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In our daily lives we meet all kinds of people. Some are pleasent and some are ill-disposed. There are also moments of anxiety, moments of stress, and circumstances which are perplexing. On encountering unpleasant people, and in difficult times, a recital or persual of the Sutta (Karaniya metta Sutta) will produce beneficial results. The practice of what is contained in it, will induce a tranquil state of mind, give us self confidence, and help us to overcome difficulties. This is a Sutta (a Sermon) that was delivered by lord Buddha to a set of his diciples, who had gone to meditate in a forest close to the Himalayan mountain range. They complained that they were being disturbed by some spirits of the forest. Lord Buddha exhorted them to follow this course of conduct. They went back to the same abode, and putting the advice into practice, found that they were not disturbed any more.

Sutta: Sinhala version
Sermon: English version




All tremble at violence,
Life is dear to all.
Comaparing oneself with others,
One should neither kill nor cause others to kill.


Victory breeds hatred,
The defeated live in pain.
Happily the peaceful live,
Giving up victory and defeat.


A man may spoil another just so far, as it may serve his ends,
But when he is spoiled by others, he despoiled, spoils yet again.

So long as evil's fruit is not matured,
The fool does fancy, "Now is the hour, the chance!"
But when the deed bears fruit, he fareth ill.

The slayer gets a slayer in his turn,
The conqueror gets one who conquers him,
The abuser wins abuse, the annoyer frets,
Thus by the evolution of the deed,
A man who spoils is spoiled in his turn.


One is not a thief by another's word,
One is not a sage by another's word.
It is as one knows oneself,
That the devas (gods) also know one.




The above versus are merely a dew drop of the ageless wisdom preached by Lord Buddha.





Excerpts from the writings of Ven. Nayanaponika Mahathera


The Buddha's Message

The Buddha's Message, as a doctrine of the mind, teaches three things:
(1) to know the mind - that is so near us, and yet is so unknown;
(2) to shape the mind - that is unwieldy and obstinate, and yet may turn so pliant;
(3) to free the mind - that is in bondage all over, and yet may win freedom here and now.


The Heart of Buddhist Meditation, p. 23



Mindfulness

Mindfulness is of an unobtrusive nature. Its virtues shine inwardly, and in ordinary life most of its merits are passed on to other mental faculties which generally receive all the credit. One must know mindfulness well and cultivate its acquaintance before one can appreciate its value and its silent penetrative influence. Mindfulness walks slowly and deliberately, and its daily task is of a rather humdrum nature. Yet where it places its feet it cannot easily be dislodged, and it acquires and bestows true mastery of the ground it covers.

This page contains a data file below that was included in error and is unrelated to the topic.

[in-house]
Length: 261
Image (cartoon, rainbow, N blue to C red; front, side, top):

The Vision of Dhamma, pp. 71-72




Vanquishing Bad Habits

The growth of morally bad or otherwise detrimental habits can be effectively checked by gradually developing another habit: that of attending to them mindfully. If we now do deliberately what had become a mechanical performance, and if prior to doing it we pause for a while for bare attention and reflection - this will allow us to make a fresh assessment of the situation, to see it directly, un-obscured by the mental haze that surrounds a habitual activity with the false assurance: "It is right because it was done before."


The Vision of Dhamma, p. 109




Protection of Self, Protection of Others

Self-protection and protection of others correspond to the great twin virtues of Buddhism, wisdom and compassion. "I shall protect myself" - thus should we establish our mindfulness, and guided by it, devote ourselves to the practice of meditation, for the sake of our own liberation. "I shall protect others" - thus should we establish our mindfulness and guided by it, regulate our conduct by patience, harmlessness, loving-kindness, and compassion, for the welfare and happiness of many.

The Vision of Dhamma, pp. 327-328












Irrigators lead the waters,
fletchers bend the shafts,
joiners shape the wood,
those who are wise tame themselves.




Peaceful his mind and peaceful
his speech and action too,
perfect in knowledge of freedom,
one 'such' is of utmost peace.




One's own good one should not neglect
for another's good however great;
one's own good knowing well,
on one's own good be intent.




The perfume of flowers goes not against the wind,
neither that of sandalwood, jasmine or tagara;
but the perfume of the virtuous does
go against the wind,
The good man suffuses all directions.

Sandalwood or tagara,
lotus or the jasmine great -
of these perfumes various,
virtue's perfume is unexcelled.






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Last Modified on January 5th, 2000